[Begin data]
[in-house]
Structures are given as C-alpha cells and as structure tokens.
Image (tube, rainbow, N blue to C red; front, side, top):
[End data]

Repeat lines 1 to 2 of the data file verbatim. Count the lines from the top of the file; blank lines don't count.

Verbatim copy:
[in-house]
Structures are given as C-alpha cells and as structure tokens.